Direct-to-camcorder screen recording

For several of my screencasts I used an unusual method which I mentioned here. I made my camcorder be the computer’s display, and dubbed the output to tape1. My reasons were twofold. First, I wanted to capture a lot of raw footage without having to wait for the captured data to get written to a file, which can be slow. Second, I wanted to be able to edit in iMovie. Although I have Camtasia and use it often, I reach for iMovie when I need precise frame-by-frame control, and when I’m laying down audio narration in a precise way. Camtasia isn’t good at those things, and neither is Windows Movie Maker. I’ve tried Adobe Premier but it does way more than I need and the learning curve intimidated me. (It also ain’t cheap.) If there is a basic Windows movie editor that meets my requirements, I’d love to hear about it, and so would my screencasting colleagues at MSDN Channel 9. Meanwhile I’ll continue to reach for iMovie. But moving files from a Windows-based capture tool over to iMovie on the Mac, and then back to Windows where I continue to rely on Camtasia for final production, is a huge hassle. Hence the notion of using the camcorder as a bridge between the two worlds.

For the screencasts mentioned above, I connected my Mac to the camcorder with an S-Video cable, detected the camcorder as a display, and captured at 720×480. It’s a challenge to arrange a presentation in that small rectangle, but — particularly when you’re demonstrating a single application window — it can be done.

Today when I updated the Vista video driver for my Compaq nc8340, which has an ATI Mobility Radeon X1600, I repeated the experiment in Vista. This 20-second screencast shows the results for two different capture resolutions: 1024×768 and 800×600. (With this Windows-based setup, talking to the same camcorder, 720×480 doesn’t seem to be an option.) Both captures get squashed down to the standard digital video resolution of 720×480, and neither is crystal clear, but I think both are usable, though you should judge for yourself. I’d lean toward the 800×600 resolution which I’ve found to be ideal for two reasons. First, it minimizes the amount of video data you have to ship over the wire to your viewers, and that still matters. Second, it forces the demo to focus on where the action is, rather than displaying the full panoply of the modern GUI which can often be overwhelming.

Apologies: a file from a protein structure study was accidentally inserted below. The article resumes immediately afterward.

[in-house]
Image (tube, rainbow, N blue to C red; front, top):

1 One of my goals in writing that post was to assure that a future search for ‘udell pv-gs400 s-video’ would find the reminder to myself, embedded in that post, about how to dub to tape. And now, sure enough, it does.

7 Comments

  1. I find Camtasia -> Pinnacle Studio near perfect for screencasting. It’s essentially a drag-and-drop editor, but if you switch to “Timeline view” and zoom in, you can do frame-precise razoring and edits trivially, simple sound editing (volume, normalizing, etc.). If you’re doing significant sound editing, you probably should turn to an external editor, but aligning / synchronizing an external soundtrack is easy. Plus, it has star wipes! (Why have hamburger when you can have caviar?)

  2. “Pinnacle Studio”

    Good tip, thanks.

    “If you’re doing significant sound editing, you probably should turn to an external editor”

    It’s the narration that’s trickiest. I often want to narrate in tight segments that are precisely aligned to the onscreen action. With iMovie I can do that in a very direct and iterative way. In other editors it’s possible, but tedious: record a fragment, move it into the video editor, keep or toss, rinse/lather/repeat.

  3. Just wondering whether it’s possible to capture raw digital video from my Sony camcorder to the screen using my S-Video Out port through my USB port (I have a S-Video to USB cable) to my XP box. I have a firewire port on my new 6 month old HP Pavillion PC however, I don’t have a firewire out port on my camcorder. I can capture the video using the 5 pin mini output port from camcorder to USB, however, the video isn’t that great (drops some frames and isn’t very clear because of shooting track meet video with lots of motion) I’d say it borderline reasonable, but I’d like to improve it if possible.
    I’ve heard that S-Video provides much better resolution than USB. I’ve also heard that USB should never be used for capturing video but I can do it in 320 x 240 (too small to be worthwhile) If I could somehow get 640 x 480 with better resolution, I’d be REAL happy.

    The only other option I could think of would be to take the digital 8mm tape to a camera shop or professional photographer and see if they had acess to another 8mm camcorder with a firewire output and have them burn a CD or DVD for me from my 8mm tape.

    Any suggestions would be greatly appreciated.
    I’ll check back daily for any responses.

    Best Regards & God Bless…
    Dave

    1. I have a Mac with iMovie installed. I am able to connect my video camera to the Mac using the cable that comes with the camera and download all of the info into iMovie.

  4. Well, it was late last night when I made the above post and after re-reading the article, I have evidently misunderstood the concept as it was presented…my bad.

    Back to the drawing board…
    Dave

  5. I am recording a movie, using a digital camcorder Canon ZR 200.
    The movie is 16 mm film size & on a 12 inch reel and Im recording via the movie projection screen.

    The movie is OK quality on the screen ( family info about 50-60 years ago). But when I look through the view finder & on on the camcorder screen the images are flashing as if I’m recording the space between each frame.

    I’m baffled since I did not have this problem with 8mm. Help!

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